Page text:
46% of donors report that a lack of connection would cause them to give less to a nonprofit*. This was confirmed in our recent whitepaper. It revealed a handful of reasons why donors would give less to a nonprofit, and many of them are rooted in lack of connection.

What do we do with these results? The answer is simple, but complex: build an authentic connection to your donors. It’s important to maintain a strong understanding of, and connection with, their beliefs and motivations.

Connection. What the heck is connection, anyway?

Let’s take the buzzworthiness out of the word for a moment and consider the relationship between a person and an organization they support. The characteristics of a person’s relationship to an organization they support can, in many ways, mirror other relationships. Emily Esfahani Smith’s 2014 article in The Atlantic chronicles the patterns and characteristics of lasting relationships, among them, kindness and generosity.

Relationships are reciprocal. At least, the good ones are, both parties bringing something of value, or, as Smith puts it, kindness.

The challenge for nonprofit marketers is to identify how to build rapport with donors that sews kindness and generosity into both sides of the relationship.

How do you do that? Go back to the fundamentals of direct response marketing:

1.) Make Your Message Meaningful

Donors reported they receive too many requests from organizations. This is a problem of quality not quantity. There’s a key difference between asking for donations and reaching out to nurture a relationship that motivates donors to give. As you reach out to donors, don’t bombard them with generic requests. Rather, make your asks meaningful and thoughtful, with a main intention of stoking your relationship.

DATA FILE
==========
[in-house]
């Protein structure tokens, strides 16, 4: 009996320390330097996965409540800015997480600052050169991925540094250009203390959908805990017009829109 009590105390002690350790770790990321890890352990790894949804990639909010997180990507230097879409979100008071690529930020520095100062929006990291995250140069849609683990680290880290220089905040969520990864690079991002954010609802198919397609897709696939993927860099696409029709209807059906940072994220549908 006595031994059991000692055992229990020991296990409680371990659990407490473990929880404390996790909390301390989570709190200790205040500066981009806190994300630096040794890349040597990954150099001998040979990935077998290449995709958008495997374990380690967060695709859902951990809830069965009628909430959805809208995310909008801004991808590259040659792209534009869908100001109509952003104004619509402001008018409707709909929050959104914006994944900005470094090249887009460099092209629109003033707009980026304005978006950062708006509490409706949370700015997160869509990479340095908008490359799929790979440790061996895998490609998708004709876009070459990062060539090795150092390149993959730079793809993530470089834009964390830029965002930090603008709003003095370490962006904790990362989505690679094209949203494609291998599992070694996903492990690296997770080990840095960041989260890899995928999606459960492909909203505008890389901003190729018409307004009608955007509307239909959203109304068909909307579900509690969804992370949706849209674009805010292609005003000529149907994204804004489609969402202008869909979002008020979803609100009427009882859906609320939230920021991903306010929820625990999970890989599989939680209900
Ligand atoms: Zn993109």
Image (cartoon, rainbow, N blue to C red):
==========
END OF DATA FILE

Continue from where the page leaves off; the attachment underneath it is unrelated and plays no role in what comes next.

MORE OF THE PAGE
2.) Build Strategies Based on Your Donor’s POV

Many donors expressed that some appeals felt worthier of their donations than others. Why could this be? Your appeals were just as urgent and important as the rest; why were donors biting their bait and not yours? Most likely, it’s because other organizations created more personalized appeals that connect with donors. They made the donor the main focus. A potential solution to this challenge is learning more about your donors so that you can understand them. In other words, listen. Research, surveys and social media monitoring can help.

3.) Motivate Your Donors

31% of donors who gave less in December 2018 felt less motivated to give. An article by GuideStar notes that motivation can’t simply be created for people – they are already naturally motivated. Nonprofit marketers need to discover what it is that motivates donors, then lean in. This also starts with listening, but then pairing the findings of your listening exercise with your need. Remember, relationships/connection are a two-way thing. Learn what drives and appeals to your donors. Personalize these marketing efforts so it feels like you are talking with them, not at them.

4.) Use Emotional Marketing to Tell Your Story

After listening, a huge step to connection with a donor is through storytelling. Doing this correctly, you won’t simply be telling the story, you’ll pull them in as you make them the main character. Julia Campbell, a guest in season one of the Groupthinkers podcast discussed the importance of rising above the competition by using a different narrative to spark interest and creativity. Elements like interactive storytelling and authenticity offer a behind-the-scenes look at your needs as a nonprofit. Be real and tell real stories, and your appeals will stand out.

5.) Thank You Goes a Long Way

If you don’t do anything new this year, try three new ways to thank people who give to you. You can get closer to this by sincerely thanking the donor. Better yet, personalize your thank you. Send the thank you from your organization’s director or by crafting a “handwritten” letter. People want to feel like their donation went to a cause they care about. An optimized thank you can be that reassurance they need to notify them that their gift did indeed help a specific cause, which can motivate them to give again.

Connection is all about being a good steward of the relationship.

If you’re searching for ways to make your message more authentic, relevant and connected, we suggest you take a step back and listen. Understand that donors are people, and people have needs. As an organization, you can meet those needs (even with marketing) by being more personalized and thoughtful about your communication.